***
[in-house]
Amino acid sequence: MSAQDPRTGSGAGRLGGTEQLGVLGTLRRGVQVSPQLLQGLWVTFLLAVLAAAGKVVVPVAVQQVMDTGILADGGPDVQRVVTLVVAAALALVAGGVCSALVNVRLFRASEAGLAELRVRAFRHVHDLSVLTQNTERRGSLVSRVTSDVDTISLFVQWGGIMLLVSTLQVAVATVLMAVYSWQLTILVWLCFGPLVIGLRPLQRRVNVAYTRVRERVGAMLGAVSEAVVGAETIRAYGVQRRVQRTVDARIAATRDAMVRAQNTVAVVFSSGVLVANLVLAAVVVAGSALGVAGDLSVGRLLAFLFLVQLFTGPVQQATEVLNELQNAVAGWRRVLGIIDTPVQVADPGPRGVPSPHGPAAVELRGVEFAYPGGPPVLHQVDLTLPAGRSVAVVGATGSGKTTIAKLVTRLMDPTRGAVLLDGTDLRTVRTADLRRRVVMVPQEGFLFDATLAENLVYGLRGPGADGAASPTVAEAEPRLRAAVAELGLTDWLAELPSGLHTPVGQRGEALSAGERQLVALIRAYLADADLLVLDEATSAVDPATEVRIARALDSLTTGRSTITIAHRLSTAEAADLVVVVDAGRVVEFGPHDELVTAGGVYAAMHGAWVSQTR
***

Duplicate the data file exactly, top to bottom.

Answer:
[in-house]
Amino acid sequence: MSAQDPRTGSGAGRLGGTEQLGVLGTLRRGVQVSPQLLQGLWVTFLLAVLAAAGKVVVPVAVQQVMDTGILADGGPDVQRVVTLVVAAALALVAGGVCSALVNVRLFRASEAGLAELRVRAFRHVHDLSVLTQNTERRGSLVSRVTSDVDTISLFVQWGGIMLLVSTLQVAVATVLMAVYSWQLTILVWLCFGPLVIGLRPLQRRVNVAYTRVRERVGAMLGAVSEAVVGAETIRAYGVQRRVQRTVDARIAATRDAMVRAQNTVAVVFSSGVLVANLVLAAVVVAGSALGVAGDLSVGRLLAFLFLVQLFTGPVQQATEVLNELQNAVAGWRRVLGIIDTPVQVADPGPRGVPSPHGPAAVELRGVEFAYPGGPPVLHQVDLTLPAGRSVAVVGATGSGKTTIAKLVTRLMDPTRGAVLLDGTDLRTVRTADLRRRVVMVPQEGFLFDATLAENLVYGLRGPGADGAASPTVAEAEPRLRAAVAELGLTDWLAELPSGLHTPVGQRGEALSAGERQLVALIRAYLADADLLVLDEATSAVDPATEVRIARALDSLTTGRSTITIAHRLSTAEAADLVVVVDAGRVVEFGPHDELVTAGGVYAAMHGAWVSQTR